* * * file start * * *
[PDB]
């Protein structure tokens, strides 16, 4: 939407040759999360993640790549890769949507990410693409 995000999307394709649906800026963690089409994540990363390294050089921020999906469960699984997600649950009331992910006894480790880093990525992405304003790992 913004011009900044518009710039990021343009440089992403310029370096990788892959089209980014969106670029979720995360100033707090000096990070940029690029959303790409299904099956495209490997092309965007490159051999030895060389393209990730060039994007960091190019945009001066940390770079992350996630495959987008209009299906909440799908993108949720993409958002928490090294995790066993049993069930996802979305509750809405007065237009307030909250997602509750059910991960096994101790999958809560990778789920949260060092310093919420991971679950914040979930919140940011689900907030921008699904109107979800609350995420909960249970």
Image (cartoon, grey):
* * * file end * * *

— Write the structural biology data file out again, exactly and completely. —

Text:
[PDB]
């Protein structure tokens, strides 16, 4: 939407040759999360993640790549890769949507990410693409 995000999307394709649906800026963690089409994540990363390294050089921020999906469960699984997600649950009331992910006894480790880093990525992405304003790992 913004011009900044518009710039990021343009440089992403310029370096990788892959089209980014969106670029979720995360100033707090000096990070940029690029959303790409299904099956495209490997092309965007490159051999030895060389393209990730060039994007960091190019945009001066940390770079992350996630495959987008209009299906909440799908993108949720993409958002928490090294995790066993049993069930996802979305509750809405007065237009307030909250997602509750059910991960096994101790999958809560990778789920949260060092310093919420991971679950914040979930919140940011689900907030921008699904109107979800609350995420909960249970």
Image (cartoon, grey):